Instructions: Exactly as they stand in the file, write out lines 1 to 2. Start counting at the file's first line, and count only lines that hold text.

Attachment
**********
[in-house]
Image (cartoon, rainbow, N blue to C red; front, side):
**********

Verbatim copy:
[in-house]
Image (cartoon, rainbow, N blue to C red; front, side):